Welcome to Part 2 of the Embolden Adventures – A Wedding in Jordan podcast series.
In this episode, my friend Jen’s fiancé, Adam, joins us to talk about
- That time he sang in his Jordanian rock band
- His Hollywood-Jordanian movie career
- The King of Jordan
- The local food, wine, and beer scene
- and more!
In the previous episode, we talked to Jen who is planning her destination wedding in Jordan. You can listen to Part 1 of this podcast here and read more about it on this blog post. You will learn about the places we will be visiting and get a basic itinerary of the trip.
The final part of the series, we experience a trip of a lifetime around the country of Jordan.
Adam, is one of my favorite friends. He’s friendly, he’s funny, and he has such an interesting background. He is originally from Jordan and now lives in Melbourne, Australia with Jen.
Adam was born in Amman, Jordan. His parents are from Palestine, although his mom has lived most of her life in Jordan. His dad was born in Jerusalem and grew up in an area south of Palestine called Beersheba. When Adam was young, he and family moved to Kuwait for economic opportunities and spent a number of years there including the time during the First Gulf War between Kuwait with US and Iraq.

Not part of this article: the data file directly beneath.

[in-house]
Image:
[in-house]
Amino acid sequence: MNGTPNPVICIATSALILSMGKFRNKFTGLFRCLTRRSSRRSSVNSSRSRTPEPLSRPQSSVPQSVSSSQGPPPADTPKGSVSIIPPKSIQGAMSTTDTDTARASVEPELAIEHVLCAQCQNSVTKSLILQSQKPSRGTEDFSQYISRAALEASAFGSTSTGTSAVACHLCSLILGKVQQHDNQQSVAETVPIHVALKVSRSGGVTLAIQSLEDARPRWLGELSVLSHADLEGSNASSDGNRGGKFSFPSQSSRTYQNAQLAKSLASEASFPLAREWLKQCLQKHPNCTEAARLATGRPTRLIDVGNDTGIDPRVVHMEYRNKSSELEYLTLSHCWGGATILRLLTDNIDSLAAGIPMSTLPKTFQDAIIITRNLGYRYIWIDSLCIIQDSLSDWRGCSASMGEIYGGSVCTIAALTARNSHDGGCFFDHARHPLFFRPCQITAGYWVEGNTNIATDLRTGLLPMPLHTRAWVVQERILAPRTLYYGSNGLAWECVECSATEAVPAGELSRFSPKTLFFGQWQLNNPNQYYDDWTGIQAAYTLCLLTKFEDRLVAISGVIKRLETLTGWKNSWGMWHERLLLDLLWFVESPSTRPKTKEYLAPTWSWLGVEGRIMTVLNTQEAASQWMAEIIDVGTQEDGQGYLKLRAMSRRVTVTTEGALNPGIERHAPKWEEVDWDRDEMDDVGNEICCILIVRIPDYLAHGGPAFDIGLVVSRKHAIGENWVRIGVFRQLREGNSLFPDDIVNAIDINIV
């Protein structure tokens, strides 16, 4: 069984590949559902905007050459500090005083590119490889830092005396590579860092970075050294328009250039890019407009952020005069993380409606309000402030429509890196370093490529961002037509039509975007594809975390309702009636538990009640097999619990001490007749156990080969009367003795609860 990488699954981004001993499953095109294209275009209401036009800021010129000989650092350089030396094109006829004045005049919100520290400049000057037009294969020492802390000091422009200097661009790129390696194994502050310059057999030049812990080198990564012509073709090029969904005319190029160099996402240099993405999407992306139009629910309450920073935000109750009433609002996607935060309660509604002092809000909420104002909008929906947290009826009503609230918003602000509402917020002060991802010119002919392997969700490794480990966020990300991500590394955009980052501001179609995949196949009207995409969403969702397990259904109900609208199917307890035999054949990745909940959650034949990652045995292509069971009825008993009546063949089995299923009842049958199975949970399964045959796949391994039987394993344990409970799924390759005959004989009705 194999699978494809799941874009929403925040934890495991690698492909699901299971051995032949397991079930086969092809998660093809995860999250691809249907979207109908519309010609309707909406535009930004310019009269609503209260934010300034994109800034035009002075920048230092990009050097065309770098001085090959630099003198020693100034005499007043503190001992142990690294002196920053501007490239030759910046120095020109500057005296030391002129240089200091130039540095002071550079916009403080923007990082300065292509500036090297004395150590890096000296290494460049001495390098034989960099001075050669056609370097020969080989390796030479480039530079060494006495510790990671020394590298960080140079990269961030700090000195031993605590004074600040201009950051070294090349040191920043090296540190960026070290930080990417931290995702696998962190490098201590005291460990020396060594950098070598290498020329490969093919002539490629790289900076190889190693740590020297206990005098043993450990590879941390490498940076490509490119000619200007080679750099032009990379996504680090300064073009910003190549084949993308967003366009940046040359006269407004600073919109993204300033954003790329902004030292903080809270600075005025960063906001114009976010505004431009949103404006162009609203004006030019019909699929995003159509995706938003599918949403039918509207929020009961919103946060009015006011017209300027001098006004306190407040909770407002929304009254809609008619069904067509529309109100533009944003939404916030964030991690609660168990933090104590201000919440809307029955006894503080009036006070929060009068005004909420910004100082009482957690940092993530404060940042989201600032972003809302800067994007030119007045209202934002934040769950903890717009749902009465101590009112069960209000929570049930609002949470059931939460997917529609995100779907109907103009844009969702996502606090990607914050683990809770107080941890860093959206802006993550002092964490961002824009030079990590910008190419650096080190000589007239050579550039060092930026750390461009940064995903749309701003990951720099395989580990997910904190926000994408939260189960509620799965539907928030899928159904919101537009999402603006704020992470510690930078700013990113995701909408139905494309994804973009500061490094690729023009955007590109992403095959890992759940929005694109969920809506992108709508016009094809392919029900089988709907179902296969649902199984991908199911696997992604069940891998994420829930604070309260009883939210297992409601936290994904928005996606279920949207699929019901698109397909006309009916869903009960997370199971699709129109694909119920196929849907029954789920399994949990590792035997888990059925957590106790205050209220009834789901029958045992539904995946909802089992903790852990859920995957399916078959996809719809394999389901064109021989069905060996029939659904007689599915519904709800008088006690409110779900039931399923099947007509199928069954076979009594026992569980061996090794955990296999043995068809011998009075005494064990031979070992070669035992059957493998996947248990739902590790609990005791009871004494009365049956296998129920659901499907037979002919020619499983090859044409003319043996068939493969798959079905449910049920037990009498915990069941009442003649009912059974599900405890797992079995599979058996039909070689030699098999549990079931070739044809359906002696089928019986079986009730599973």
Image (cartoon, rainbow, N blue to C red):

After the war ended, Adam and his family moved back to Amman in 1992. Throughout his time living in the Middle East, Adam and his family moved around a lot, especially in Kuwait to seek out different safe spots during the war.
He attended high school and university in Jordan before finally moving to Australia in 2010.
Adam is prideful of his Jordanian traditions, cultures, and roots. He has many fond memories of his friends, family, and experiences living in Jordan including the time he worked on a few Hollywood films in Jordan and when he sang in a local rock band.
Adam formed the band with his friends in Amman, and he sang back-up vocals. They called themselves “Twenty Days” because, as Adam says, “they had 20 days to prepare for their first gig.” The band recorded some songs in addition to playing their show but never ended up performing a second gig…well, never say never!